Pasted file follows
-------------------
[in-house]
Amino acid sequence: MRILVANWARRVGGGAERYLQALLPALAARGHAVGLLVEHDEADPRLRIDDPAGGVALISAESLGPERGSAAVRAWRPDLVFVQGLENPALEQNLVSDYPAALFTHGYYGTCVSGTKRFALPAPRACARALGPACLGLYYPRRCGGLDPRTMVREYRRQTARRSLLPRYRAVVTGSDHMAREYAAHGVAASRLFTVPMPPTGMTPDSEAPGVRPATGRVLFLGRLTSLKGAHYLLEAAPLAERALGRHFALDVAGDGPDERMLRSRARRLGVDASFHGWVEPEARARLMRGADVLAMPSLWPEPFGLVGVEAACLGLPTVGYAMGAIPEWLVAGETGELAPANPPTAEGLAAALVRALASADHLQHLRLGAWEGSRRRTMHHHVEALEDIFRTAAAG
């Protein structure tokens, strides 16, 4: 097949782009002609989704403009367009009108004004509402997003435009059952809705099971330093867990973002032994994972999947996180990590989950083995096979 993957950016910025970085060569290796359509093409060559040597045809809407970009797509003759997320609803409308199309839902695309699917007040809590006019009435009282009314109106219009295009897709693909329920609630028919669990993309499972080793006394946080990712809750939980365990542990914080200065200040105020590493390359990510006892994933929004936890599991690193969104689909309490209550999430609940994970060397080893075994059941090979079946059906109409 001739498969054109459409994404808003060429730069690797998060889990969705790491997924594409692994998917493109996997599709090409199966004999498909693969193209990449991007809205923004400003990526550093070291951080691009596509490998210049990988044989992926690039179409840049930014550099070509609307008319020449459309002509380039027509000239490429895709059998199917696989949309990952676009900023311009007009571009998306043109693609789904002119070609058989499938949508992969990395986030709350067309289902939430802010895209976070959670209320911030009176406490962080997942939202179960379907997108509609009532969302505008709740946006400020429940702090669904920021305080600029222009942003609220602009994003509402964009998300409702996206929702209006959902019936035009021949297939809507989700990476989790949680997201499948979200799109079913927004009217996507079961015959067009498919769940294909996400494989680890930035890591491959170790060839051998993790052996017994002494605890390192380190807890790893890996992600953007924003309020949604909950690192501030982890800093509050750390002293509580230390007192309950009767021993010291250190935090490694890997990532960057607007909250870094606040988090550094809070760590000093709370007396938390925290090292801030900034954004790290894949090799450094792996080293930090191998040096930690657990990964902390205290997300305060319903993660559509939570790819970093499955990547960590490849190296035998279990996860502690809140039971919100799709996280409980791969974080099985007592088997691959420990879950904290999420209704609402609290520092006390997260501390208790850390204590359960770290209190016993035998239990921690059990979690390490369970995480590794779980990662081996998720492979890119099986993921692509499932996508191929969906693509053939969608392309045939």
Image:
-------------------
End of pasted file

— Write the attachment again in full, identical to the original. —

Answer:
[in-house]
Amino acid sequence: MRILVANWARRVGGGAERYLQALLPALAARGHAVGLLVEHDEADPRLRIDDPAGGVALISAESLGPERGSAAVRAWRPDLVFVQGLENPALEQNLVSDYPAALFTHGYYGTCVSGTKRFALPAPRACARALGPACLGLYYPRRCGGLDPRTMVREYRRQTARRSLLPRYRAVVTGSDHMAREYAAHGVAASRLFTVPMPPTGMTPDSEAPGVRPATGRVLFLGRLTSLKGAHYLLEAAPLAERALGRHFALDVAGDGPDERMLRSRARRLGVDASFHGWVEPEARARLMRGADVLAMPSLWPEPFGLVGVEAACLGLPTVGYAMGAIPEWLVAGETGELAPANPPTAEGLAAALVRALASADHLQHLRLGAWEGSRRRTMHHHVEALEDIFRTAAAG
């Protein structure tokens, strides 16, 4: 097949782009002609989704403009367009009108004004509402997003435009059952809705099971330093867990973002032994994972999947996180990590989950083995096979 993957950016910025970085060569290796359509093409060559040597045809809407970009797509003759997320609803409308199309839902695309699917007040809590006019009435009282009314109106219009295009897709693909329920609630028919669990993309499972080793006394946080990712809750939980365990542990914080200065200040105020590493390359990510006892994933929004936890599991690193969104689909309490209550999430609940994970060397080893075994059941090979079946059906109409 001739498969054109459409994404808003060429730069690797998060889990969705790491997924594409692994998917493109996997599709090409199966004999498909693969193209990449991007809205923004400003990526550093070291951080691009596509490998210049990988044989992926690039179409840049930014550099070509609307008319020449459309002509380039027509000239490429895709059998199917696989949309990952676009900023311009007009571009998306043109693609789904002119070609058989499938949508992969990395986030709350067309289902939430802010895209976070959670209320911030009176406490962080997942939202179960379907997108509609009532969302505008709740946006400020429940702090669904920021305080600029222009942003609220602009994003509402964009998300409702996206929702209006959902019936035009021949297939809507989700990476989790949680997201499948979200799109079913927004009217996507079961015959067009498919769940294909996400494989680890930035890591491959170790060839051998993790052996017994002494605890390192380190807890790893890996992600953007924003309020949604909950690192501030982890800093509050750390002293509580230390007192309950009767021993010291250190935090490694890997990532960057607007909250870094606040988090550094809070760590000093709370007396938390925290090292801030900034954004790290894949090799450094792996080293930090191998040096930690657990990964902390205290997300305060319903993660559509939570790819970093499955990547960590490849190296035998279990996860502690809140039971919100799709996280409980791969974080099985007592088997691959420990879950904290999420209704609402609290520092006390997260501390208790850390204590359960770290209190016993035998239990921690059990979690390490369970995480590794779980990662081996998720492979890119099986993921692509499932996508191929969906693509053939969608392309045939």
Image: